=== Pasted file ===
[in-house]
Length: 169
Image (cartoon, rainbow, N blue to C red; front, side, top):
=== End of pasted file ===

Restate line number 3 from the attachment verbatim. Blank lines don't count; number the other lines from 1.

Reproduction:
Image (cartoon, rainbow, N blue to C red; front, side, top):